Project Categories

The Medicare Modernization Act of 2003: Ideologies, Interests, and Policy Feedbacks in the Contemporary Politics of Medicare

Award Year: 2005 Investigator: Andrea Louise Campbell, Kimberly Morgan
Few are happy with it, politicians on the right and left criticize it, but the fact remains that the Medicare Prescription Drug Improvement and Modernization Act of 2003 ushered in the greatest expansion of Medicare coverage in the program's history. Its lukewarm support, combined with its dramatic impact, make the act a fascinating subject for anyone interested in the politics of modern health care. Kimberly J. Morgan, Ph.D. and Andrea L.

Expanding Arenas: A Political History of Modern U.S. Health Policy

Award Year: 2004 Investigator: Lawrence Brown
Lawrence D. Brown, Ph.D. explores the political and historical forces that have shaped the federal government's growing role in health care delivery and financing since 1945. In his Investigator Award project, Expanding Arenas: A Political History of Modern U.S. Health Policy, Dr. Brown examines the rise and evolution of four policy "arenas" that he uses to categorize federal interventions in health care: subsidy, financing, reorganization, and regulation.

Federalism and Strategies for Reform in American Health Policy

Award Year: 2004 Investigator: Margaret Weir
American health policy is a quintessential example of "marble cake" federalism: a complex mix of responsibilities shared between states and the federal government. Margaret M. Weir, Ph.D. probes the interplay between state and federal political arenas in her Investigator Award project, Federalism and Strategies for Reform in American Health Policy.

Health Care and the American Presidency

Award Year: 2002 Investigator: David Blumenthal, James Morone
For their Investigator Award project, David Blumenthal, M.D., M.P.P. and co-principal investigator James A. Morone, Ph.D. take on the modern American Presidency. In their study, Health Care and the American Presidency, they examine how the actions or inaction of each President from Franklin D. Roosevelt to George W. Bush have influenced the formulation and implementation of health policy in the United States. Using a variety of research techniques and models, Drs.

Inter-Governmental Health Care Partnerships: Promoting Innovation, Inefficiency or Stalemate?

Award Year: 2002 Investigator: Michael Sparer
For more than 200 years, policymakers have struggled over how best to balance power and divide labor between the federal government and the states. Michael S. Sparer, J.D., Ph.D. is interested in intergovernmental partnerships and the potential they hold for creating innovative policy and programmatic responses to health and health care problems.

Rules Over Policy: The Impact of the Federal Budget Process on the Modernization of American Public Health

Award Year: 2001 Investigator: Timothy Westmoreland
Individuals working to improve public health and health care are often stymied by the federal budget process. This project will illuminate the arcane nature of federal budgeting, its unintended impact on formulation of health policy, and the absence of health-based measures to balance the process. Mr. Westmoreland will study the origin and development of the formal budget process, assessing the ostensible neutrality of budgeting principles and how they actually drive health policymaking.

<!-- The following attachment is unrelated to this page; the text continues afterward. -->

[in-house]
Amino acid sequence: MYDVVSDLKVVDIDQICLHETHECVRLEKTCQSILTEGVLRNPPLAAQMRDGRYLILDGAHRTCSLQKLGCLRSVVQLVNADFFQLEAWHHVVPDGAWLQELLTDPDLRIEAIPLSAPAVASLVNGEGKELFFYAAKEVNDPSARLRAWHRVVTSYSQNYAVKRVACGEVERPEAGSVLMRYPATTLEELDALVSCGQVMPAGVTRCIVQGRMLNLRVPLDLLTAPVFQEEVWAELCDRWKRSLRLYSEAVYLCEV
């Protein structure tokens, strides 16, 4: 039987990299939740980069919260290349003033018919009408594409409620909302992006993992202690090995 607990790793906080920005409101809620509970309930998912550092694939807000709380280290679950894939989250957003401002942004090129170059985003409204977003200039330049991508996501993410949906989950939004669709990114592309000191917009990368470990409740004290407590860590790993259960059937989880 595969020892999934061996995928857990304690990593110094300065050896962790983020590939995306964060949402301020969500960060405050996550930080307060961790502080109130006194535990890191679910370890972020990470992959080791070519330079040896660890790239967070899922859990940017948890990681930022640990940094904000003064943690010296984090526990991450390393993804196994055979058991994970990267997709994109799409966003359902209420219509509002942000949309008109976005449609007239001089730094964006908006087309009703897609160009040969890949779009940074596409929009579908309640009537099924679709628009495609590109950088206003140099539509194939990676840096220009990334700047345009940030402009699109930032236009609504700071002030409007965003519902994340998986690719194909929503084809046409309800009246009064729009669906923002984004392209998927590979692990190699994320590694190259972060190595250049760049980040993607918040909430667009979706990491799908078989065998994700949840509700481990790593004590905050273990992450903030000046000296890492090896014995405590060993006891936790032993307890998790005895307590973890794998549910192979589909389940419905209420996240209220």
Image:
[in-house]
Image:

Political Analysis: Applications to Health Care and Health Policy

Award Year: 2000 Investigator: Rudolf Klein, Theodore Marmor
Professors Marmor and Klein seek to improve the understanding of health care policymaking while contributing to a more informed discussion of options among academics and policymakers. Building on their earlier work, they will focus on the politics of decision making in the widest sense: the constraints and opportunities created by existing institutions, administrative capacities, and the structure of interests in the health policy arena.

With the Help of Their Friends: Lobbyists and Legislators in Health Policymaking

Award Year: 2000 Investigator: Richard Hall
Exploring the role and influence of interest groups in policymaking, Dr. Hall will build on previous experience in developing a new theoretical framework, which casts lobbying in a different light.

Dynamic Institutions and National Health Care Policy Making

Award Year: 1994 Investigator: Mark Peterson
Beginning with the New Deal, Dr. Peterson explores the ways in which political and governmental institutions respond to the stimulus for public action, direct the choice of policy alternatives, and are influenced by various leadership activities. In related projects, two distinct patterns of health care policymaking are studied. The first concentrates on systemic policy change, assessing the debate over comprehensive health care reform in the context of past failures.

Moralism, Politics, and the Construction of Health Policy

Award Year: 1994 Investigator: James Morone
Dr. Morone investigates how morality influences health politics and policy. He: 1) designs a model that suggests how the political process changes when actors define policy questions in moral terms - e.g., irresponsible behavior or undeserving beneficiaries; 2) applies this analytic framework to six major health policy issues; and 3) contributes to health policy by explaining the latent moral politics that underlie contemporary approaches and programs.